Reference will now be made to FIGS. 6, 7 and 8 in describing an alternative embodiment of the invention. Primed reference numerals will be used in those views to denote parts which correspond with parts shown in FIGS. 1 to 5.
FIG. 6 shows a sterile package generally denoted 60 comprising a backing sheet 62 and a "blister" type transparent plastic cover 64 which encloses a receptacle 20' and a swab 22'. In this embodiment, the receptacle and swab are initially separate and the receptacle is provided with a stopper 66 which simply fits into the open end of the tube and which is discarded immediately before the swab is inserted into the tube. The tube itself is otherwise the same as the tube 20 described in connection with the preceeding embodiment and is fitted with a septum 40'. However, in contrast to the preceeding embodiment, the septum in this case takes the form of a cylindrical section of sponge closely fitted inside the tube. The sponge retains the filter media 36' in the lower end portion of the tube and will at least partly absorb media material.
Swab 22' is essentially very similar to the swab 22 described previously except in that cap has been replaced by a stopper which is essentially the same as the tube stopper 66.
When a specimen is to be taken, the package 60 is opened and the swab and receptacle are removed and the swab is used to take the specimen. The stopper 66 is then removed from the receptacle and discarded and the receptacle and swab would then be as shown in FIG. 7. The swab is then inserted into the receptacle and the stopper fitted into the mouth of the receptacle tube. As the swab is progressively inserted into the tube, the absorbent pad at the outer end of the swab will penetrate the septum 40' represented by the sponge in this case and will push the sponge to the lower end of the tube, coming to rest as shown in FIG. 8 with the pad disposed within the sponge. By this time, the sponge will be fully saturated with media material so that the specimen on the absorbent pad will be totally immersed in that material. The swab/receptacle combination is then returned to the package and the package is marked to identify the patient and then transported to the laboratory for analysis.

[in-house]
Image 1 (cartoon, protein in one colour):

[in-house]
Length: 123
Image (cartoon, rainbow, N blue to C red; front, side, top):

It will of course be appreciated that the preceeding description relates to specific embodiments of the invention and that many modifications are possible within the broad scope of the claims. For example, the particular constructional features and materials referred to are not essential. Media material other than Agar jelly may of course be used. For example, in some cases, it may be desirable to employ a solution especially prepared to preserve particular micro-organisms during transportation to a laboratory.
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|U.S. Classification||600/572, 435/309.1, 435/304.2, 435/307.1|
|International Classification||G01N33/48, C12M1/30, A61B10/00|
|Cooperative Classification||G01N2001/028, A61B10/0096, C12M45/22, C12M33/02|
|European Classification||C12M1/30, A61B10/00S|
|Feb 23, 1982||AS||Assignment|
Owner name: CANADIAN MEDICAL LABORATORIES LIMITED, C/O/B/A STA
Free format text: ASSIGNMENT OF ASSIGNORS INTEREST.;ASSIGNOR:MULL, JOHN D.;REEL/FRAME:003949/0817
Effective date: 19820212
Owner name: CANADIAN MEDICAL LABORATORIES LIMITED, C/O/B/A STA
Free format text: ASSIGNMENT OF ASSIGNORS INTEREST;ASSIGNOR:MULL, JOHN D.;REEL/FRAME:003949/0817
Effective date: 19820212
|Dec 9, 1986||FPAY||Fee payment|
Year of fee payment: 4
|Dec 10, 1990||FPAY||Fee payment|
Year of fee payment: 8
|Jun 10, 1993||AS||Assignment|
Owner name: 1017670 ONTARIO INC., CANADA
Free format text: ASSIGNMENT OF ASSIGNORS INTEREST;ASSIGNOR:CANADIAN MEDICAL LABORATORIES LIMITED;REEL/FRAME:006556/0406
Effective date: 19930312
|Jan 17, 1995||REMI||Maintenance fee reminder mailed|
|Jun 11, 1995||LAPS||Lapse for failure to pay maintenance fees|
|Aug 22, 1995||FP||Expired due to failure to pay maintenance fee|
Effective date: 19950614